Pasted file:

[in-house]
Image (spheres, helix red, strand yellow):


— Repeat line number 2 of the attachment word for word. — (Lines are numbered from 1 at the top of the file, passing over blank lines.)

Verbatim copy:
Image (spheres, helix red, strand yellow):